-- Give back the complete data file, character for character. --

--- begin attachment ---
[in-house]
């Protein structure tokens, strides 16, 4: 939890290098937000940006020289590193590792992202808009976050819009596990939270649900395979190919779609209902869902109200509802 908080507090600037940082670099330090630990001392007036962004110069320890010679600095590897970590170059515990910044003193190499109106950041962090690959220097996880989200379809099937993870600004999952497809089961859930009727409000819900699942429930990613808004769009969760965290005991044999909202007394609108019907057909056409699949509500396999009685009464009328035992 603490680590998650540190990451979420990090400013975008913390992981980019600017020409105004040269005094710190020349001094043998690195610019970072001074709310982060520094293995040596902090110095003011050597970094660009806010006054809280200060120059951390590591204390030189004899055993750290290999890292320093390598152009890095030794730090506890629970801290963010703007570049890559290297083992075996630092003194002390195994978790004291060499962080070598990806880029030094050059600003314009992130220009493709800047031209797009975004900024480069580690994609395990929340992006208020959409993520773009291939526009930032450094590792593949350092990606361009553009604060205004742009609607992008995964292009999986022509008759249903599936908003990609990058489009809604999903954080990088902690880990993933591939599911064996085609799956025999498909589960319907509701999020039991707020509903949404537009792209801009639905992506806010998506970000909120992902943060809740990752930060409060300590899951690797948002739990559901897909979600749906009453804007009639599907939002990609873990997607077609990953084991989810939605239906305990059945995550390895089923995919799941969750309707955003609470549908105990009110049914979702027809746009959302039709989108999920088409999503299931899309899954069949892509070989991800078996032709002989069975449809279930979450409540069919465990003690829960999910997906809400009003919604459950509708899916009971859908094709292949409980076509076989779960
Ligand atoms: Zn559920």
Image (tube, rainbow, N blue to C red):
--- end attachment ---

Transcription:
[in-house]
């Protein structure tokens, strides 16, 4: 939890290098937000940006020289590193590792992202808009976050819009596990939270649900395979190919779609209902869902109200509802 908080507090600037940082670099330090630990001392007036962004110069320890010679600095590897970590170059515990910044003193190499109106950041962090690959220097996880989200379809099937993870600004999952497809089961859930009727409000819900699942429930990613808004769009969760965290005991044999909202007394609108019907057909056409699949509500396999009685009464009328035992 603490680590998650540190990451979420990090400013975008913390992981980019600017020409105004040269005094710190020349001094043998690195610019970072001074709310982060520094293995040596902090110095003011050597970094660009806010006054809280200060120059951390590591204390030189004899055993750290290999890292320093390598152009890095030794730090506890629970801290963010703007570049890559290297083992075996630092003194002390195994978790004291060499962080070598990806880029030094050059600003314009992130220009493709800047031209797009975004900024480069580690994609395990929340992006208020959409993520773009291939526009930032450094590792593949350092990606361009553009604060205004742009609607992008995964292009999986022509008759249903599936908003990609990058489009809604999903954080990088902690880990993933591939599911064996085609799956025999498909589960319907509701999020039991707020509903949404537009792209801009639905992506806010998506970000909120992902943060809740990752930060409060300590899951690797948002739990559901897909979600749906009453804007009639599907939002990609873990997607077609990953084991989810939605239906305990059945995550390895089923995919799941969750309707955003609470549908105990009110049914979702027809746009959302039709989108999920088409999503299931899309899954069949892509070989991800078996032709002989069975449809279930979450409540069919465990003690829960999910997906809400009003919604459950509708899916009971859908094709292949409980076509076989779960
Ligand atoms: Zn559920």
Image (tube, rainbow, N blue to C red):